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Using Resources

Understanding manuscripts & archives

Document types

At the beginning of your work with archives and manuscripts you must first assess the type of document and the function for which it was originally created. How a text was written, its length, style and content, may have been greatly influenced by the form chosen for its delivery.

Deciding what the document is may not always be straightforward. The following broad groupings (based on David B. Gracy II, Archives and Manuscripts: Arrangement and Description. Chicago, 1977) provide only a basic guide:

  • Medieval codices: check the online Medieval Manuscript Manual for an overview of medieval manuscript books and their production.

  • Correspondence: personal or business letters, greeting cards, telegrams, letter books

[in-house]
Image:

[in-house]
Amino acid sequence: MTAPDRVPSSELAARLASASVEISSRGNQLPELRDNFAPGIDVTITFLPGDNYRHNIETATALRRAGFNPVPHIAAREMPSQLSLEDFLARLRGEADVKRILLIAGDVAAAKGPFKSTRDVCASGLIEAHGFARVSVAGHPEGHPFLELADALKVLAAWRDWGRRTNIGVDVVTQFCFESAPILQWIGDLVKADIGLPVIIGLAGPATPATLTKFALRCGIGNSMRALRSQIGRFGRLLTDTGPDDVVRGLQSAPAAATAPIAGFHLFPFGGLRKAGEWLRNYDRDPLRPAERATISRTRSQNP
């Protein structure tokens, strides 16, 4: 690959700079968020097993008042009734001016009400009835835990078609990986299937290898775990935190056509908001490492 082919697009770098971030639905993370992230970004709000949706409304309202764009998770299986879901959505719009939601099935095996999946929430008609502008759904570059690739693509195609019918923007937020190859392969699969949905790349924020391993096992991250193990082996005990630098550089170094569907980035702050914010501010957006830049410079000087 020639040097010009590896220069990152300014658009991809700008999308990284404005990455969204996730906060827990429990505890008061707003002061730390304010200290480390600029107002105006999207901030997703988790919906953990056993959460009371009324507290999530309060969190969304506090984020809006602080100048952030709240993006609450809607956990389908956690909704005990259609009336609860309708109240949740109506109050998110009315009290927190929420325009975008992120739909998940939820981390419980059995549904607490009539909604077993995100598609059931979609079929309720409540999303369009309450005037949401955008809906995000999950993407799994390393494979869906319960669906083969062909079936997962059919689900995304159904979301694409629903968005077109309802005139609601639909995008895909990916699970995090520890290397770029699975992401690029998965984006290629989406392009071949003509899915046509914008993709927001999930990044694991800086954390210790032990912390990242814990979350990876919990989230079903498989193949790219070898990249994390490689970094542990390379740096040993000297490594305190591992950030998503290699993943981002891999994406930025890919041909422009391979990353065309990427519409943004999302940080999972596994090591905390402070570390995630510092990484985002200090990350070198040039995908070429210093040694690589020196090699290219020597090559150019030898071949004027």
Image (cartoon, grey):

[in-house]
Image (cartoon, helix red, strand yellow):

• Diaries, minutes, proceedings, commonplace books

  • Literary or artistic productions: research notes, manuscripts, drawings, reminiscences, memoirs, reports, speeches, sermons

  • Legal documents: contracts, petitions, agreements, briefs, depositions, insurance policies, wills, inventories of estates, mortgages, deeds, abstracts of title

  • Financial documents: account ledgers, journals, bank statements and cheques, bills and receipts, notes

  • Local administrative documents: parish records, manorial records, census returns, probate records, charter rolls

  • Printed materials: typescripts, newspapers, ephemera, certificates, awards, pamphlets, brochures, proofs, circulars, flyers, clippings, broadsides, programmes, trade directories

  • Scrapbooks and scrapbook materials

  • Maps, charts, diagrams, graphs, lists, etc.

  • Photographic materials: prints, transparencies, slides, glass slides

  • Audio-visual recordings: audio tapes, video tapes, movie film

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